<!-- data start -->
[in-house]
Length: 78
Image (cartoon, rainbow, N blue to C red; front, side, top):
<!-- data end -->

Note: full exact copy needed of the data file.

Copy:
[in-house]
Length: 78
Image (cartoon, rainbow, N blue to C red; front, side, top):